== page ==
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Secondly, New Delhi is looking at the “bigger picture,” beyond 2014, when the U.S. and International Security Assistance Force drawdown of forces from Afghanistan is due to be complete. India wants a pacified post-occupation of Afghanistan as much as do the post-Soviet states of Central Asia, seeing a quiescent Afghanistan as a major potential economic transit route.

Accordingly, the diplomatic minuet between Washington and New Delhi will continue for the foreseeable future, with the unspoken but overriding question being, who needs the other more?

At the end of the day, Washington cannot make up India’s energy shortfall if it completely abandons Iranian energy imports, and, as India will be a major political player in post-occupation Afghanistan, one can reasonably expect to see a “diplomatic” solution in the probable form of extended “waivers” if the Obama administration wishes to retain a major regional ally.
The “Great Game” continues.

By. John C.K. Daly of Oilprice.com

Leave a comment

  • Amin on July 04 2013 said:
    By now we should all know that sanctions on Iran have more to do with the AIPAC lobby and less to do with their nuclear program. We are at a point where the US Congress decides on what relationship other countries should have with Iran. As sanctions become more and more intrusive on other countries, the dam will burst and that will cut down the US Congress and Administration to size.
  • Frank on July 04 2013 said:
    On June 24 kerry visited India and in that pursuit India announced reductions in imports of oil from Iran as to bring pressure on Tehran over its nuclear programme and now they think that Iran an important numerator for oil imports. What Indian really wants to do? The diplomatic minuet between Washington and New Delhi should not be continued for the foreseeable future if they continue to behave with their dubious role.
  • Aabesh Neer on July 04 2013 said:
    Oil isn’t India’s only economic interest in Iran. In the wake of an official Indian delegation’s visit to Tehran, the Associated Chambers of Commerce announced that two-way trade reached $13.7 billion in 2010-2011 and will likely increase to $30 billion by 2015. India is in limbo now because on one hand it wants to negotiate a nuclear deal with USA and signaling them that USA enemies are now India’s enemy. On other hand India is not quitting the relation with Axes of Evil…..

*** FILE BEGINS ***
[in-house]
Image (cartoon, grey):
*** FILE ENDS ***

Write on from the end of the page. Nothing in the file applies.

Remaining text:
• rayriaz on July 04 2013 said:
    It`s not Iranian oil India just looking for, the strategic goal India has been desparetely looking to achive by encircling It`s nine time smaller arch rival Pakistan from West(Afghanistan)Pakistan shares about 2600km border with Afghanistan and 800km border with Iran. While India doesn`t share any bordar with Afghanistan or Iran.
  • kamal ud din on July 05 2013 said:
    India on one hand eager to make strong relations with US, and simultaneously “energy security “in terms of oil from Iran, is also important for India. It means that international norms are meaningless when it comes to Indian state interests. Iran which is under the huge burden of economic sanctions will get benefit for its declining economy.
  • Saeed on October 09 2013 said:
    India Has Always Been Known To Play Double Games.They Ditched US Offer of Friendships to Make Friends With USSR to Get Their Technology but When They Went To War with China They Accepted US weapons Openly.Now When The USSR is No More They Have Become Darlings Of USA.
    They Make Civil Nuclear Deals with USA but Also Do Business Deals With Iran.They Extend Hand of Friendship
    to Iran But Also Support Israeli Espionage Efforts Against It

    http://news.bbc.co.uk/2/hi/south_asia/7199736.stm


    and They Vote Against Iran On IAEA(This Is The Price For Civil Nuclear Agreement)
    Two Words To Describe India's Foreign Policy Characterless and Selfish